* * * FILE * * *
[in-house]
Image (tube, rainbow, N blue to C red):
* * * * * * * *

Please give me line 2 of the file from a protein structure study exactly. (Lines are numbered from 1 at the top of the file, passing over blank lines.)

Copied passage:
Image (tube, rainbow, N blue to C red):